Equipping people for urban mission will need more than an alternative to seminary

Regular readers of Faithroot.com will know that I’m particularly passionate about seeing people equipped to pastor and plant in our urban contexts. This means that we need to be able to identify, call, train, send people from urban backgrounds, from working class and estate contexts, from different ethnic groups. It will mean encouraging and equipping for ministry those who haven’t normally been seen as “blokes worth watching.”

One of the arguments I’ve been making is that our normal pipelines for encouraging people into Gospel ministry aren’t fit for this particular purpose. In particular, there’s been increasing discussion about how the traditional seminary route isn’t accessible for so many who clearly have the gifting and calling.  It’s too expensive and too remote. It puts people into a cultural context that is alien to them and uses teaching and assessment methods that work okay for those with an academic education up to degree level and beyond but not for those who do not.[1]

So an alternative to seminary is an important priority.  We need opportunities for people to train in context, vocational training for Gospel ministry if you like.  Slowly, I think we are getting the message across that this isn’t about dumbing things down, in offering a cheaper, easier, stripped down alternative.  We want urban pastors from urban backgrounds to be “the best possible gift” to their churches just like we want those who go through Union and Oak Hill to be.

But, as I’ve said up front in the title of this article, it’s not just about finding an alternative to seminary.  First, it’s about how we identify and encourage people to step into, develop and use their gifts. That’s why the discussion about “pipelines” and the problem with the “blokes worth watching” approach kicked off by people like Glen Scrivener and Nay Dawson is important.

And, it follows through to the other side of any initial training.  It’s about how we keep encouraging and supporting people in the lonely task of pastoring in urban front line contexts. That includes financial support and the structures to make that happen but it’s also about emotional support through prayer, mentoring, coaching etc.  I’m hoping that we can start to meet some of those needs through Faithroots.

Then there are the resources that pastors and preachers look to, both when they are at Theological College and beyond into ministry.  One of the best things about four years at Oak Hill was having 24/7 access to a theological library stocked with thousands of books, commentaries, journals, monographs, Systematic Theologies, Biblical Theologies, Church History, etc.  I’ve also been able to build up my own mini library.  That’s not something going to be open to a lot of potential planters and pastors.

  1. Books take up a lot of space and not everyone has the luxury of a church manse/vicarage with a set aside study.
  2. Theological resources tend to be expensive.  You want to get the whole of Bavinck’s Reformed Dogmatics? That’s going to cost you a few hundred quid.  The heavy weight commentaries come at £30 minimum. Some books can be £70 or more.  Your average pastor’s library is probably worth several thousand pounds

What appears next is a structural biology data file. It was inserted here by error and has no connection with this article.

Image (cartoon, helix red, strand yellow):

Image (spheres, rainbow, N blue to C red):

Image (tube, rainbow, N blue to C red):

However, it’s not just about space and cost.  Too often the books on our shelves are written by people who sit at a distance from the experience of preachers and congregations in urban contexts. Mind you, they are often at a distance from preacher and congregation in any context. How often have you wondered why the theologian has got bogged down in several hundred pages of small print and footnotes on an obscure theological question that whilst very interesting has little if any practical significance. Or what about the time when you’ve read through all the commentaries and they’ve failed to even address the one burning question you had before preaching the passage. In fact, worse still, some commentators take pride in announcing that they won’t comment on the very thing we all want an answer to.

So alongside the proposal that some of us have been making for vocational training, I want to add an other proposal.  We need to give attention to providing good quality, theologically rich, practical and accessible resources for pastors and preachers in urban contexts.

This means that we need commentaries, systematic theologies, pastoral care resources etc written by front line urban practitioners for front line urban practitioners.  It means that we shouldn’t be just asking people from those context to write books and articles about the need to reach the working classes or for racial reconciliation (even though it’s good that we are at last asking them to speak about those things).  We need to hear/ read their insights on Genesis and Song of Songs. We need to get them teaching through writing, speaking, podcasts, videos on the Doctrine of the Trinity and Justification by faith and how those things are good news for the young lad who is third generation unemployed or the kid whose just been stopped and searched for the fifth time this week. 

In fact, this is part of the aim of Faithroot.com. I wanted to start to provide teaching and resources.  I’ve been building up  a little library of early drafts of the publications page.  I’d be very happy to share other peoples’ resources here as a starting point.

I’d love to hear from others who share my concern here and are interested in seeing what we can do to change things. Please drop me a note via the contact form below.

[1] I’ve used the example of how one of the people we planted with in the West Midlands finished his formal education aged ten as he was recruited into the gangs.

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